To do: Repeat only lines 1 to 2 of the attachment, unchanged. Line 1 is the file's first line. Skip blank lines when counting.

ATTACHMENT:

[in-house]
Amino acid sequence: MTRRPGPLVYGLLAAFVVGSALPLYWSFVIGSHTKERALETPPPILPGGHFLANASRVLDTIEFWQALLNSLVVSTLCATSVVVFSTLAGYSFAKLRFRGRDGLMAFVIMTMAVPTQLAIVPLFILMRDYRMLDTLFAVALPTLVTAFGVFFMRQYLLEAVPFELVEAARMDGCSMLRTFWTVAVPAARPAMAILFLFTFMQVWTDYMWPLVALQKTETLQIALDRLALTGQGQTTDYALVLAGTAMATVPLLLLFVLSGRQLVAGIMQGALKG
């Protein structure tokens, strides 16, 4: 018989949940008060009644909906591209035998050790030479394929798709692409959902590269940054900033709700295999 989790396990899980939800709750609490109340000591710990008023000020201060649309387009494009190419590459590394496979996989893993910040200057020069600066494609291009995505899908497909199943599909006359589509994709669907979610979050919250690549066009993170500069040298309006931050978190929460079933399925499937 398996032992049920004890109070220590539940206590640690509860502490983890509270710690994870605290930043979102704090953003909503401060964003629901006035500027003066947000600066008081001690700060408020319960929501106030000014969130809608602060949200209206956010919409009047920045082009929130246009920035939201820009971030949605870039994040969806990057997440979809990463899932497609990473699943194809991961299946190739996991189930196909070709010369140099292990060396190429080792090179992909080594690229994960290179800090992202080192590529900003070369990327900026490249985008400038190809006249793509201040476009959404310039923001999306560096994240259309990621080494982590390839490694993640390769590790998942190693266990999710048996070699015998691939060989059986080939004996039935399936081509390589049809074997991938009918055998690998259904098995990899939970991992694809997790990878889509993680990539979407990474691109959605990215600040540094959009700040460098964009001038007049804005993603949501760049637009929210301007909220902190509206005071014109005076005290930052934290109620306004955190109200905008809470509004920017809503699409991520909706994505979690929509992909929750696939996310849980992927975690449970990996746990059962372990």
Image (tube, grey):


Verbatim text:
[in-house]
Amino acid sequence: MTRRPGPLVYGLLAAFVVGSALPLYWSFVIGSHTKERALETPPPILPGGHFLANASRVLDTIEFWQALLNSLVVSTLCATSVVVFSTLAGYSFAKLRFRGRDGLMAFVIMTMAVPTQLAIVPLFILMRDYRMLDTLFAVALPTLVTAFGVFFMRQYLLEAVPFELVEAARMDGCSMLRTFWTVAVPAARPAMAILFLFTFMQVWTDYMWPLVALQKTETLQIALDRLALTGQGQTTDYALVLAGTAMATVPLLLLFVLSGRQLVAGIMQGALKG